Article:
Medication management. A patient might be prescribed pain medications, anticoagulants, antibiotics and other post-surgical drugs — added to medications for other health conditions. While nonmedical in-home caregivers aren't allowed to administer medications, they can remind you to take them, and be sure you can get your prescriptions at the pharmacy. You're in charge of your own medication regimen, but it helps to have someone reminding you.

Bathing, dressing, grooming and getting about. Most patients are up and on their feet by the time they get home from the hospital, but may need assistance with getting into the shower, getting to the toilet, and putting on shoes and clothing. Certain movements, such as lifting, bending or moving the joint at certain angles, are also off-limits until the patient gets the OK from the surgeon. The caregiver can help with tasks that require those movements, and can assist with a cane, walker, crutches, bathroom modifications and other adaptive devices and durable medical equipment.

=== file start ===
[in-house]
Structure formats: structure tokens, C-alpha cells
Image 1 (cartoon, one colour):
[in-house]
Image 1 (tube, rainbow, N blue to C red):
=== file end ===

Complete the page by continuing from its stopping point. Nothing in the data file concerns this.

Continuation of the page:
Grocery shopping and preparing meals. Proper nutrition is important for healing, and keeping your bones strong, your energy level up and your digestive system regular. The caregiver can take you to the grocery store and prepare meals — or help you do so, if you like. "I wanted to bake a birthday cake for my granddaughter," recalls one former patient. "The caregiver and I did it together. She got out the pans I couldn't reach, and loaded and unloaded the dishwasher afterwards … oh, and she also shared the great idea to add some cardamom to the frosting!"

Housekeeping. It's a real mood boost to have your house clean and in good order. Occupational therapists recommend moving furniture around if necessary to create an unobstructed path to the bathroom and kitchen. The last thing a person who's just had a knee or hip replacement needs is to trip over a basket of magazines on the way to the bathroom! The caregiver can remove fall hazards, clean, vacuum, dust, do laundry, and assist with pet care.

The information in this article is not intended to replace the advice of your healthcare provider. If you have questions about recovery after joint replacement surgery, talk to your doctor.

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Right at Home, Inc. is a national organization dedicated to improving the quality of life for those we serve. We fulfill that mission through a dedicated network of locally owned providers of in home care services.